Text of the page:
Cities of the future

December 2015

A NUMBER OF CITIES AROUND THE WORLD ARE BECOMING ‘SMART CITIES’ – WHAT DOES THIS MEAN FOR THE FUTURE OF CITIES AND HOW IS OPUS HELPING TO EXPLORE SMART CITIES?

Urban population accounts for 54% of the total global population – up from 34% in 1960, and growing. As urban population grows, so do urban problems – from congestion and pollution to resource scarcity and energy inefficiency. Worldwide, interest has grown in exploring the use of smart cities approaches to address issues, grow jobs and to improve citizens’ quality of life.

What is a smart city?

Smart cities can be viewed as a broad, integrated approach to improving the efficiency of city operations, its citizens’ quality of life, and growing the local economy.

This results in innovative, sustainable, efficient and liveable urban centres. Ultimately, smart cities are about improving people’s lives.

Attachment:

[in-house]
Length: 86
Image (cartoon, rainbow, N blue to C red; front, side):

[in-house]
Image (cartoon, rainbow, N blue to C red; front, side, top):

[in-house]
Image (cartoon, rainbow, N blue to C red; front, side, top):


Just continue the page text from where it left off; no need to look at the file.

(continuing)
Smart cities and OPUS

Opus recognises that the cities around the world that are getting ‘smart’ right are doing so not because they have invested in a wide range of technology to run and monitor all aspects of day-to-day life, but because they have invested in the right technology, people and businesses to improve life for the people who call their city home.

One aspect of Opus’ work around smart cities includes a project led by Louise Baker, Principal Transportation Consultant. She is leading a team of researchers who are writing three strategic research papers for Auckland Council to set the scene for a ‘Smart Auckland’; the third paper is titled ‘Smart Transport: Opportunities for Auckland’.

Louise has developed a strong track record in research relating to smart cities, with a particular focus on transport and technology. She has also made several recent conference presentations, including presenting ‘A Travel Demand Management Digital Safari’ at the Association for Commuter Transport conference in Baltimore, Maryland USA. You can connect with Louise’s progress and thoughts on smart cities and transport on Twitter: @digital_TP

Louise Baker, email: louise.baker@opus.co.nz

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